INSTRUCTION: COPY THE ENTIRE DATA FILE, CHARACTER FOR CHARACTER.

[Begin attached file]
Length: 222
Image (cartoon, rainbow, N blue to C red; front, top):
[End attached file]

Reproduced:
Length: 222
Image (cartoon, rainbow, N blue to C red; front, top):